Type: Trad, Alpine, 700 ft, 6 pitches, Grade III
FA: Rick Meleski, Doug Bridgers, 74
Page Views: 3,296 total · 23/month
Shared By: Chuck McQuade on Dec 30, 2006 with updates from Bill Lawry
Admins: Jason Halladay, Anthony Stout, LeeAB Brinckerhoff, Marta Reece, Drew Chojnowski

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Access Issue: Seasonal raptor closure for some areas in the Sandias Details


If swinging leads, let your partner lead the first pitch, all the even numbered pitches are awesome!

P1: (5.7) Scrambling and easy dihedral climbing to a bolted anchor.

P2: (5.8+) Continue up, then a long traverse left. Climb the slightly runout face to an alcove belay.

P3: (5.7) Traverse up and right past a small tree to a hanging belay adjacent to the pitch 4 traverse. Hard route finding here.

A (5.9) variation to pitch 4 requires a slightly lower belay, the variation starts with a traverse left under a small roof, then continue up along a finger crack to join the standard pitch 4 at the crux roof.

P4: (5.8+) Make an improbable traverse to the left (small cams in horizontals), then pull a small roof (crux) to belay at a tree.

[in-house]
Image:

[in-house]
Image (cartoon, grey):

P5: (5.7) Climb up to an enormous ledge (lunch ledge).

P6: (5.8) Walk to end of lunch ledge (climbers right), follow corner systems on the ridge to the top. You will pass an old ring piton and a bolt. Good exposure on this pitch.


Standard rack: doubles Camalots (0.4-1), singles 2-3.


Morrison, CO
Monomaniac   Morrison, CO  
This is an excellent route!; one of the best long-ish moderates. The second pitch is stellar. We were able to link some pitches with a 60m rope. We linked P1 and P2 without any jiggery-pokery. I also linked P3 & P4, but this is super-not-recommended for several reasons. The first reason is that its not even remotely safe. Its not possible to link these pitches and place adequate gear (unless you have double ropes?), because if you did place adequate gear, the rope drag would be impossible. The second reason is that it doesn't save you anything. Pitches 5 & 6 are too long to link (with a 60m rope), so anyway you slice it, you have to climb at least 4 pitches. Since this is the case, it would be best to climb P3 as is, and link P4 & P5 instead. This provides the advantage of avoiding the P4 sling belay from the tree, which was relatively unpleasant.

There is a lot of fixed gear on the route. I suspect it would be pretty easy to rap from the top of the 4th pitch. It may even be possible to rap from that point with one 60m rope. May 15, 2007
Morrison, CO
Monomaniac   Morrison, CO